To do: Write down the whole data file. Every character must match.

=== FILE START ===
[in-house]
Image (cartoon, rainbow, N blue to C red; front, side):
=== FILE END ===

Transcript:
[in-house]
Image (cartoon, rainbow, N blue to C red; front, side):